|Discovery:||in/on structure, 1824 Jones, H.L.|
|History:||Jones/1847b, 43, states that the stone was found in 1824 during the re-building of the church: `[it] formed part of the wall of the old church, but [is] now lying neglected, and almost unknown, in the churchyard'.|
Westwood/1856, 145: `standing in the churchyard, at the south-east side of the church'.
Radford/1937b, cvi: `Found in pulling down old church in 1824 and now stands in the west porch of the parish church'.
Macalister/1945, 307: `Lying in 1847 in the churchyard SE of the church; afterwards carried into the church porch, where for long it lay in a dark corner up on the floor; now clamped against the E wall of the porch, so that light from the open doorway can fall on the inscription'.
|Geology:||Westwood/1879, 189: `schistose breccia slab (commonly found as boulders in that part of Anglesea)'.|
|Dimensions:||1.3 x 0.83 x 0.15 (converted from Macalister/1945)|
RCAHMW/1937, cvi: `In west porch of parish church'.
Macalister/1945, 307: `clamped against the E. wall of the porch'.
The stone has suffered some flaking on the bottom left and top right.
|Condition:||incomplete , some|
The bottom left of the stone has suffered from a break.
|Decorations:||band; geometric other|
Macalister/1945, 307: `At the top there are two horizontal lines with zigzag between them - a rare attempt at ornamentation'.
Radford/1937b, cvi: `The whole is incased in a border, single at the base, double with a zig-zag between at the top'.
RCAHMW/1937, 90: `At the top of the stone is a band of chevrons'.
|Westwood, J.O. (1856):||CULIDORI | IACIT | ETORVVITE | MULIER | SECUNDI|
CULIDORI IACIT ET ORVVITE MULIER SECUNDI
Huebner/1876 53 reading only
Westwood/1856 146 reading only
Westwood/1876 189 reading only
|Radford, C.A.R. (1938):||CVLIDOR | IACIT | ETORVVITE | MVLIERI | SECVNDI | FILIVS|
CULIDOR IACIT ET ORVVITE MULIERI SECUNDI FILIUS
RCAHMW/1937 cvi reading only
|Macalister, R.A.S. (1945):||CULIDORI | IACIT | ETORVVVITE | MULIERI | SECUNDI | FILIUS|
CULIDORI IACIT ET ORVVITE MULIERI SECUNDI FILIUS
Culidorus (PN) lies here son of Secundus (PN), and his wife Orvvite (PN).
Macalister/1928 302 reading only
Macalister/1930 459--460 reading only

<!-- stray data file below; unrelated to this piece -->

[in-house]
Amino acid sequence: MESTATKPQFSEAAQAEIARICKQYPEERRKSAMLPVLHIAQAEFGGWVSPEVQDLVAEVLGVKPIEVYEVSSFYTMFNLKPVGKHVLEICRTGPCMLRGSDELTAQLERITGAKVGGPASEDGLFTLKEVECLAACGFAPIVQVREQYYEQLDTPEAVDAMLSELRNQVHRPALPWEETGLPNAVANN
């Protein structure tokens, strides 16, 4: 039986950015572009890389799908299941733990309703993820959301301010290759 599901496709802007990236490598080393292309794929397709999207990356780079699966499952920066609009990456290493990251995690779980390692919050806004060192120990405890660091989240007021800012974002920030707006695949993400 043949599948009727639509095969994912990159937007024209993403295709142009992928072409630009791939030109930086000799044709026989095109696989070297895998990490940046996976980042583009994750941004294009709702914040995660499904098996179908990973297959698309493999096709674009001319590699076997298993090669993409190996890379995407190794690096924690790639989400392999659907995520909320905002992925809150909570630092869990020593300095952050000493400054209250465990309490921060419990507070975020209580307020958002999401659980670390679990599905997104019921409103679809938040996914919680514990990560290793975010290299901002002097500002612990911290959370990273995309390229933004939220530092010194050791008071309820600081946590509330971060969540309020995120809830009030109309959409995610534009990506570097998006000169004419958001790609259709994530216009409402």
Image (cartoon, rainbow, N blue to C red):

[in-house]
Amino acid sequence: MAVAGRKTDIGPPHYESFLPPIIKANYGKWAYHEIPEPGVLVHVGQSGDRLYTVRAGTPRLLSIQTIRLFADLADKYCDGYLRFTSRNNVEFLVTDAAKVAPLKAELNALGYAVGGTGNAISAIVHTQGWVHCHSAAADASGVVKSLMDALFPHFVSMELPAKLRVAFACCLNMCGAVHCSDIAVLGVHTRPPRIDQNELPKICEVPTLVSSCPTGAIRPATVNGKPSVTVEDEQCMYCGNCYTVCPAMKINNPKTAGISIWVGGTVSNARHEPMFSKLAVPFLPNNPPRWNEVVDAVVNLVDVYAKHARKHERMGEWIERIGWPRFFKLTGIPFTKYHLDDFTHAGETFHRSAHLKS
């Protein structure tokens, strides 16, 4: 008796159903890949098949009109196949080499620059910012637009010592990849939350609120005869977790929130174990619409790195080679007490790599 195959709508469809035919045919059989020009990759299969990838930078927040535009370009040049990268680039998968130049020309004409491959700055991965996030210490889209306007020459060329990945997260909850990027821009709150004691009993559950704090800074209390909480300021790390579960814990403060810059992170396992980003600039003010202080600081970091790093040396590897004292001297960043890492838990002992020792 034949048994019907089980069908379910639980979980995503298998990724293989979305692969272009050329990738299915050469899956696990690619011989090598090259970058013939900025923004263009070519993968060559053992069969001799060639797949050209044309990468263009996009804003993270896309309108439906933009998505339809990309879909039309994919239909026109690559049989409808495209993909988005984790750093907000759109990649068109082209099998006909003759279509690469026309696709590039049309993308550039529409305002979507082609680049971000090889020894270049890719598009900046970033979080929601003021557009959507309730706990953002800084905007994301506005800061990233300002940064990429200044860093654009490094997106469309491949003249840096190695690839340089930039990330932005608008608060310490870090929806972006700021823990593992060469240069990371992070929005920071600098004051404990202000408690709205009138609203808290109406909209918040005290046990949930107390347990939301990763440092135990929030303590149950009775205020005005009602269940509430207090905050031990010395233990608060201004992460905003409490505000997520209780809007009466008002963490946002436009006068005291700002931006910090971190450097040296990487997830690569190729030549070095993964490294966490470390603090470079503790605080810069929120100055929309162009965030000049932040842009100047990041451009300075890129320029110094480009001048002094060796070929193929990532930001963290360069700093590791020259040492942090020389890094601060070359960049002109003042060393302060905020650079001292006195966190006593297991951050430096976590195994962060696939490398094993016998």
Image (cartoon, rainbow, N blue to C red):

Macalister/1945 307--308 reading only
|Nash-Williams, V.E. (1950):||CVLIDOR[I] | IACIT | ETORVVITE | MVLIERI | SECVNDI | [FILIVS]|
CULIDOR(I) IACIT ET ORVVIT(A)E MULIERI(S) SECUNDI FILIUS
(The stone) of Culidor (or Culidorix) (PN) and of his wife Orvvita (PN). (Here) he lies, (son) of Secundus (PN).
Nash-Williams/1950 59 reading only
|Position:||inc ; broad ; n/a ; panel|
The inscription is placed between a double-lined border of chevrons at the top and a single border line at the bottom. The possible word FILIUS is below the bottom border.
Macalister/1945, 307: `lettering pocked'.
Westwood/1856, 145, and Westwood/1879, 189: `carved'.
|Date:||400 - 499 (Radford/1937b)|
400 - 533 (Nash-Williams/1950)
|Palaeography:||Nash-Williams/1950, 59: `Roman capitals carelessly formed'.|
RCAHMW/1937, cvi: `all letters are in capitals'.
The third and fourth lines appear to have been carved by a second lapidary after the fifth line had been carved. The letters are smaller and shallower.
The `S' of Secundi begins with a horizontal stroke making the letter approximate a `5'. The Rs are open bowed, and some of the strokes do not seem to join, such as the angled-strokes of the A and the U in Secundi.
Macalister/1945, 308, draws attention to the possibility that Orvvvite, with three Vs may be the reading -- `it is doubtful, however, if this letter has any phonetic intention', in which case it seems best, if it is there, to see it as a carving error.
Macalister/1945, 307: `lettering... much worn...the fourth [line] which is faintly blocked out in `pinscrapes' and was never finished'.
Jones/1847, 43: `The inscription is almost illegible from the effects of weathering...there are traces of other letters on the stone, beneath the lower line..but they are so indistinct that nothing can be made out of them'.
Macalister/1928, 302, speaks of the `almost total dissappearance of the word FILIUS. The `F' can just be traced and no more: the rest of the word has been utterly defaced'.
RCAHMW/1937, cvi: `it is possible to feel the letters filius marked on the stone but never cut'.
Jackson/1953, 597, sees no -i- affection in this name.
Orvvite is included in Zimmer/1995, 331-332, as a Welsh name.